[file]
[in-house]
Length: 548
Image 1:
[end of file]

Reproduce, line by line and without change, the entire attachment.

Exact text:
[in-house]
Length: 548
Image 1: